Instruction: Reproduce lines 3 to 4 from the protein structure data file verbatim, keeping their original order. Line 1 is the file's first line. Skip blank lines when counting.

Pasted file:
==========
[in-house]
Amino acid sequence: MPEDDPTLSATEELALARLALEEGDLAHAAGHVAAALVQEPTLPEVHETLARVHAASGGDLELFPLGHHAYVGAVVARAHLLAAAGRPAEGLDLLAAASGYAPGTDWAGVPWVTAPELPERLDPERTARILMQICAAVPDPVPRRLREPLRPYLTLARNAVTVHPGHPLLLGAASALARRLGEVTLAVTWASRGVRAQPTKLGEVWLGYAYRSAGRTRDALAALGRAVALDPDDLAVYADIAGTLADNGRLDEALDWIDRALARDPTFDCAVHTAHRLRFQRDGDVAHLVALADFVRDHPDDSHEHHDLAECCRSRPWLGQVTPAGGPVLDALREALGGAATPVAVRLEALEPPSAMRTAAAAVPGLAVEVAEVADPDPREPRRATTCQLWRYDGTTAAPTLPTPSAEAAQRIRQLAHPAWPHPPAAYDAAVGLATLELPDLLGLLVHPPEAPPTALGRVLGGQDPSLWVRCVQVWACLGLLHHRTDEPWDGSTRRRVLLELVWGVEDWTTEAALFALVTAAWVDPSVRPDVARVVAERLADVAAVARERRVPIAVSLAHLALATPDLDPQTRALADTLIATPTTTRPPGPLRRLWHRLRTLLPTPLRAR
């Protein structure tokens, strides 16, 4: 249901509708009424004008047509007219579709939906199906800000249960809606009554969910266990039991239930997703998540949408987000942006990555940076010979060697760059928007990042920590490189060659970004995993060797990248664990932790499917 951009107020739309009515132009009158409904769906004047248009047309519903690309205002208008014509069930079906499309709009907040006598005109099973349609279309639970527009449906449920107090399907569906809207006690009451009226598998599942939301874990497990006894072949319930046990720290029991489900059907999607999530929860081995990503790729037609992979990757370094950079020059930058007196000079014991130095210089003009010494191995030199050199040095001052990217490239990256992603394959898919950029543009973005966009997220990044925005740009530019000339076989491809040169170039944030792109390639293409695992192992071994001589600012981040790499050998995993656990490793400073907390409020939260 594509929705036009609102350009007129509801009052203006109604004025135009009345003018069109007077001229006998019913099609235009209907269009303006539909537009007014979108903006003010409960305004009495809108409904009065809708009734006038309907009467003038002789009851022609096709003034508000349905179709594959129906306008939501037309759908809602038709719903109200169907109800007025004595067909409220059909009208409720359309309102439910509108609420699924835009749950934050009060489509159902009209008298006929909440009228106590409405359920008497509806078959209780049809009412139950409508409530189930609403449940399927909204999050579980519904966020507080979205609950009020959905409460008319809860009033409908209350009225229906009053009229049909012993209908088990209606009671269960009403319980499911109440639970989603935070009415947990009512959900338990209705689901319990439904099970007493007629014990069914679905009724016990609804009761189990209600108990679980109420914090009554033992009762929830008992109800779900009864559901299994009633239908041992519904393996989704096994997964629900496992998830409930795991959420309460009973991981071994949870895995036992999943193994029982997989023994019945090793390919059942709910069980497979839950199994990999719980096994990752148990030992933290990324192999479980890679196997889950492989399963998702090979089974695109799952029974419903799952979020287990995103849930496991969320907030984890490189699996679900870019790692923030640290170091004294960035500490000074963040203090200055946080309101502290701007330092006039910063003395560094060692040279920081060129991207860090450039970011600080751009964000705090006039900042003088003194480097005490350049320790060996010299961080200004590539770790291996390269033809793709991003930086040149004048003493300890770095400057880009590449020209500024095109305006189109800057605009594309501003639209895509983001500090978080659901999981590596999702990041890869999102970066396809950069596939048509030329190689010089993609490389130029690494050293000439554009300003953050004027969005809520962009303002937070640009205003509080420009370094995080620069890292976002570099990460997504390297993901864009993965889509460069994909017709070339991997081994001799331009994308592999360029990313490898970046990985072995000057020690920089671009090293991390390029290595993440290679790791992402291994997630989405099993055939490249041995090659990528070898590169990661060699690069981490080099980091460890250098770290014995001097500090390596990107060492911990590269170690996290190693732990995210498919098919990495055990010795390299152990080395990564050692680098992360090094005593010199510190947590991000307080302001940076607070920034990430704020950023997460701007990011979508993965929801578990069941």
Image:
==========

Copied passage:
């Protein structure tokens, strides 16, 4: 249901509708009424004008047509007219579709939906199906800000249960809606009554969910266990039991239930997703998540949408987000942006990555940076010979060697760059928007990042920590490189060659970004995993060797990248664990932790499917 951009107020739309009515132009009158409904769906004047248009047309519903690309205002208008014509069930079906499309709009907040006598005109099973349609279309639970527009449906449920107090399907569906809207006690009451009226598998599942939301874990497990006894072949319930046990720290029991489900059907999607999530929860081995990503790729037609992979990757370094950079020059930058007196000079014991130095210089003009010494191995030199050199040095001052990217490239990256992603394959898919950029543009973005966009997220990044925005740009530019000339076989491809040169170039944030792109390639293409695992192992071994001589600012981040790499050998995993656990490793400073907390409020939260 594509929705036009609102350009007129509801009052203006109604004025135009009345003018069109007077001229006998019913099609235009209907269009303006539909537009007014979108903006003010409960305004009495809108409904009065809708009734006038309907009467003038002789009851022609096709003034508000349905179709594959129906306008939501037309759908809602038709719903109200169907109800007025004595067909409220059909009208409720359309309102439910509108609420699924835009749950934050009060489509159902009209008298006929909440009228106590409405359920008497509806078959209780049809009412139950409508409530189930609403449940399927909204999050579980519904966020507080979205609950009020959905409460008319809860009033409908209350009225229906009053009229049909012993209908088990209606009671269960009403319980499911109440639970989603935070009415947990009512959900338990209705689901319990439904099970007493007629014990069914679905009724016990609804009761189990209600108990679980109420914090009554033992009762929830008992109800779900009864559901299994009633239908041992519904393996989704096994997964629900496992998830409930795991959420309460009973991981071994949870895995036992999943193994029982997989023994019945090793390919059942709910069980497979839950199994990999719980096994990752148990030992933290990324192999479980890679196997889950492989399963998702090979089974695109799952029974419903799952979020287990995103849930496991969320907030984890490189699996679900870019790692923030640290170091004294960035500490000074963040203090200055946080309101502290701007330092006039910063003395560094060692040279920081060129991207860090450039970011600080751009964000705090006039900042003088003194480097005490350049320790060996010299961080200004590539770790291996390269033809793709991003930086040149004048003493300890770095400057880009590449020209500024095109305006189109800057605009594309501003639209895509983001500090978080659901999981590596999702990041890869999102970066396809950069596939048509030329190689010089993609490389130029690494050293000439554009300003953050004027969005809520962009303002937070640009205003509080420009370094995080620069890292976002570099990460997504390297993901864009993965889509460069994909017709070339991997081994001799331009994308592999360029990313490898970046990985072995000057020690920089671009090293991390390029290595993440290679790791992402291994997630989405099993055939490249041995090659990528070898590169990661060699690069981490080099980091460890250098770290014995001097500090390596990107060492911990590269170690996290190693732990995210498919098919990495055990010795390299152990080395990564050692680098992360090094005593010199510190947590991000307080302001940076607070920034990430704020950023997460701007990011979508993965929801578990069941």
Image: